This weekend I finally had time to finish “Limbo”:
In case I’ve never mentioned Limbo, it’s an indie game, with a very interesting black and white aesthetic, which tells the story of a dead boy that’s wondering through limbo looking for his dead sister.
From a game mechanics point of view, the game is utterly brilliant, a lot of fun to play!
But the game also made me wonder about if we (as a community) need sad stories… A lot of the indie scene is fascinated with stories with sad undertones, “bad” endings, etc; the reason why is probably rooted into an act of rebellion against the establishment (that basically only has happy endings, where the player wins at the end), or just because that’s usually what people want to express (look at the music scene in the last 20 years!), since pain and sadness hits us human beings harder than happiness.
But my point is not so much in why indies use this as a theme, but more about the necessity of such things… Before I start, I just want to say that I don’t have a clear answer about this… when I wrote some stories or songs, I also tend to go towards the darkest places of the human psyche, because they appeal more to me… So, this is not to be taken as a criticism, but just to open a new avenue of discussion and thought…
Sadness is an integral part of life… Everyone has felt sadness in their lives, and it’s well accepted as part of the growth and learning process. But my question is, do we actually need it in our games?
I was thinking that while playing Limbo… The setting is a beautiful yet dark place, and the story is as dark as they come (although that is debatable, since you don’t have as much exposition as most games, so your interpretation of what you see can be different of mine, very subjective), and yet, I had fun playing the game… Isn’t the sadness balanced out by the fun? Maybe that’s the design, but there’s a part of me that feels “bad” for having fun playing a game about a dead child…
Of course, we can add to the game a kind of moral, which is “sometimes, no matter what you do, the outcome is still terrible”… But is that a lesson we need from games? Isn’t that something that life teaches us, even if we don’t want to?
We can defend this type of expression by stating “games are art, and art should mimic life”, but isn’t that concept more applicable to non-interactive mediums? When you look at a painting of a sad situation, you’re looking as an observer, you’re asked by the artist to contemplate the sadness and to be transformed by it, transformed by something that is happening to someone else… In an interactive medium, you’re asked to be part of the sadness, to experience it… One can argue that it is just an extension of the same principle, but more effective, more “brutal” in its expression. But the problem with this approach is that you’re asked in a game to have fun with your own sadness… might be a good lesson, but it may be a painful one?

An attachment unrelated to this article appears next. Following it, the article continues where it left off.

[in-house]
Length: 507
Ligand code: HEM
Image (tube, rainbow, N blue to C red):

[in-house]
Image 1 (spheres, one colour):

And, if all games go all sad and broody, won’t we at certain point lose the empathy with the sadness, like we are desensitized by violence?
Note that there is a difference between a sad story and a sad ending… Take the example of “Mass Effect 3”… The ending is sad (culminating with the death of the main character), but the story is not sad; much to the contrary, “Mass Effect 3” is a story about overcoming impossible odds, by sticking to your principles, etc… And victory is ultimately achieved, with the sacrifice of Shepard. So we can even make the argument that it is a good ending, not a sad one, since the sacrifice had a purpose (I’m ignoring the fact that it was terribly executed because that’s beyond the point).
I have nothing against sad endings (and not even against sad stories, just like thinking about it), but a pertinent question arises: do we, as a society in general, and as people that appreciate games as an artistic endeavor in particular, need sad stories? Do they serve an actual purpose, like old fairy tales served as cautionary tales, or is it just an exercise in difference?
This won’t make me popular in the indie community, but it seems to me that indie developers and indie gamers are kind of obsessed with sad stories… look at Braid, Limbo, Passing, Dear Esther…
Of course, this is just a part of the expression… Look at Super Meat Boy, Frayed Knights and many others to see the exact opposite of that; but I fear that the sad games are more popular than the happy games, which makes me think that maybe there’s a market there, there’s people that actually want to play sad stories, to feel alongside the characters in the game, maybe to experience a type of melancholy they normally have absence from their lives, or maybe to feel a melancholy that makes them feel like someone, somewhere, understands them.
Since I’m an escapist by nature, I play games to have fun, to be entertained, so I guess I take those sad stories as an infringement on my happiness (although I can’t stress this enough: I had a lot of fun playing Limbo, I just felt “guilty” at the end!).
I feel this will be a discussion for the ages, with people on both sides of the barricade, but to be honest, I think it’s one of the best discussions about games, one that elevates games from simple “toys” to actual art.